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Tag: "Now"      Page 1 of 1

Let each one examine his own thoughts; he will find them always occupied with the past and the future. We scarcely think of the present; and if we do think of it, it is only to take its light in order to dispose of the future. The present is never our end; the past and present are our means; the future alone is our end. Thus we never live. but we hope to live; and always disposing ourselves to be happy, it is inevitable that we never become so.

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Blaise Pascal

Blaise Pascal (June 19, 1623, in Clermont-Ferrand, France - August 19, 1662, in Paris) was a French mathematician, physicist, and religious philosopher. He was a child prodigy who was educated by his father, a civil servant. Pascal's earliest work was in the natural and applied sciences where he made important contributions to the construction of mechanical calculators, the study of fluids, and clarified the concepts of pressure and vacuum by generalizing the work of Evangelista Torricelli. Pascal also wrote in defense of the scientific method.

Pascal was a mathematician of the first order. He helped create two major new areas of research. He wrote a significant treatise on the subject of projective geometry at the age of sixteen, and later corresponded with Pierre de Fermat on probability theory, strongly influencing the development of modern economics and social science. Following Galileo and Torricelli, in 1646 he refuted Aristotle's followers who insisted that nature abhors a vacuum. His results caused many disputes before being accepted.

TO FILL THE HOUR, --THAT IS HAPPINESS: to fill the hour and leave no crevice for a repentance or an approval. We live amid surfaces, and the true art of life is to skate well on them. Life itself is a mixture of power and form and will not bear the least excess of either. To finish the moment, to find the journey's end in every step of the road, to live the greatest number of good hours is wisdom."

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Ralph Waldo Emerson

Ralph Waldo Emerson (May 25, 1803 - April 27, 1882) was an American essayist, philosopher, and poet, best remembered for leading the Transcendentalist movement of the mid 19th century. His teachings directly influenced the growing New Thought movement of the mid 1800s. He was seen as a champion of individualism and a prescient critic of the countervailing pressures of society.

Emerson gradually moved away from the religious and social beliefs of his contemporaries, formulating and expressing the philosophy of Transcendentalism in his 1836 essay, Nature. As a result of this ground breaking work he gave a speech entitled The American Scholar in 1837, which Oliver Wendell Holmes, Sr. considered to be America's "Intellectual Declaration of Independence". Considered one of the great orators of the time, Emerson's enthusiasm and respect for his audience enraptured crowds. His support for abolitionism late in life created controversy, and at times he was subject to abuse from crowds while speaking on the topic. When asked to sum up his work, he said his central doctrine was "the infinitude of the private man."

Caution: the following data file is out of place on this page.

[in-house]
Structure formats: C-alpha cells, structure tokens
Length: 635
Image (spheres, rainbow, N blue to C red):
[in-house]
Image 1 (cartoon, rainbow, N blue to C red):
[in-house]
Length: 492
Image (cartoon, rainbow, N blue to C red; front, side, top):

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TO FILL THE HOUR, --THAT IS HAPPINESS: to fill the hour and leave no crevice for a repentance or an approval. We live amid surfaces, and the true art of life is to skate well on them. Life itself is a mixture of power and form and will not bear the least excess of either. To finish the moment, to find the journey's end in every step of the road, to live the greatest number of good hours is wisdom."

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Ralph Waldo Emerson

Ralph Waldo Emerson (May 25, 1803 - April 27, 1882) was an American essayist, philosopher, and poet, best remembered for leading the Transcendentalist movement of the mid 19th century. His teachings directly influenced the growing New Thought movement of the mid 1800s. He was seen as a champion of individualism and a prescient critic of the countervailing pressures of society.

Emerson gradually moved away from the religious and social beliefs of his contemporaries, formulating and expressing the philosophy of Transcendentalism in his 1836 essay, Nature. As a result of this ground breaking work he gave a speech entitled The American Scholar in 1837, which Oliver Wendell Holmes, Sr. considered to be America's "Intellectual Declaration of Independence". Considered one of the great orators of the time, Emerson's enthusiasm and respect for his audience enraptured crowds. His support for abolitionism late in life created controversy, and at times he was subject to abuse from crowds while speaking on the topic. When asked to sum up his work, he said his central doctrine was "the infinitude of the private man."

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